When I was 14 years old, I knew I had to go to a place that I had only just heard of: Ouachita Baptist University. Over the course of a summer, I realized I felt called to go into ministry. I only knew a few others who shared my call, and each one of them desired to go to “OBU.” I saw spiritual leader after spiritual leader attend Ouachita, and my own path was made clear. While my academic numbers made any college in the country an option, my heart only chose one: Ouachita.
Freshman year I was inundated by the wisdom of my professors. Dr. Scott Duvall explained the seemingly unexplainable parts of the Christian journey, Dr. Terry Carter explained the blessings of the Bible and Dr. Scott Jackson showed us how to put our future congregations above ourselves. I felt blessed beyond belief at the opportunities God had given me to learn under people who were not just professors, but shepherds. In the spring, I had the privilege of partaking in Ouachita’s version of Greek life, social clubs. I became a member of Beta Beta men’s social club, and I formed deeper friendships than I had ever known. My time of fellowship with my fellow fraternity members was a true fount of enjoyment, growth and service.
My sophomore summer I had an opportunity to attend a trip led by Dr. Barbara Pemberton. I was amazed at the sheer intellectual fire she brought into her faith and work. It was under her teaching I learned the connection between servant-hearted faith and excellence in academia. Any research worth doing contributes to the good of those around us, and Ouachita students have the opportunity to love those around them by creating their own original research.
However, organizing this research can be a challenge, and I offered to help in any way I could. Shortly after, I became the academic chair of the Carl Goodson Honors Program. An average year in the Honors Program consists of an incredible variety of events. In my two years as a chair, the Honors Program hosted bonfires, encouraged freshmen and gave out thousands of dollars of grant money, sending people to Boston, Washington D.C., South America and even a European island or two. More importantly, we fostered research from the men and women of Ouachita in areas as diverse as cancer treatment, insurance policy and early education strategies. What I found is that Ouachita’s Honors Program sits at the intercession of the pursuit of excellence, career and faith.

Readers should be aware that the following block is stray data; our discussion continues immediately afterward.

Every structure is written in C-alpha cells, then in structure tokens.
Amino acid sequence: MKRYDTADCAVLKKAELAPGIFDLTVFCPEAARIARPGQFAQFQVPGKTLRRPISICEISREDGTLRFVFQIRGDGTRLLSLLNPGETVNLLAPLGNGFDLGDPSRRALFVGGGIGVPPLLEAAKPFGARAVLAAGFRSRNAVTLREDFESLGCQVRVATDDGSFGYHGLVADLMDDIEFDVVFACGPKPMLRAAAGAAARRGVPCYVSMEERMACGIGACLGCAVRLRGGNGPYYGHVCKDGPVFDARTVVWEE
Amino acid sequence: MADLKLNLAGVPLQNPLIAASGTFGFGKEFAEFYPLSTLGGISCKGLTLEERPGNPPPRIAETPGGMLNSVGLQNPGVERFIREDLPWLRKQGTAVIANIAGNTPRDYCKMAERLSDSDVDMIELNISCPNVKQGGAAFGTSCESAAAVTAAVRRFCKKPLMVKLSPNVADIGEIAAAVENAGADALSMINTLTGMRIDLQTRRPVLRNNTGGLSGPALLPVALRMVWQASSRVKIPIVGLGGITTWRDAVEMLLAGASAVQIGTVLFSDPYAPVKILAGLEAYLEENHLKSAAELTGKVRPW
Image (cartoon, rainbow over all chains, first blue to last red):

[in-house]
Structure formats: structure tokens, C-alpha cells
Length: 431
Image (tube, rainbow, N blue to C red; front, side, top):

The Carl Goodson Honors Program was personally crucial in three areas: identifying my passion, learning about my passion and finally implementing my passion through original research. Through the Honors Program as well as other Ouachita courses, I was called every day, almost every hour, toward a new goal: making Arkansas a better place by law and policy. I was able to intern in the Arkansas Attorney General’s office as well as study the U.S. Senate with funding from the Honors Program. My passion for law exploded, and I immersed myself in the American legal system. My honors work facilitated this growth, allowing me to independently study various aspects of American policy, with a focus on studying polarization.
This passion transferred from knowledge to action: I was admitted to Harvard, Virginia and Vanderbilt’s law schools. This fall I will be attending the University of Virginia Law School to further study prosecutorial and constitutional law.
I am now pursuing the meaningful work I set out to do when I first came to Ouachita, and I am continuing the work that I began in the Honors Program.
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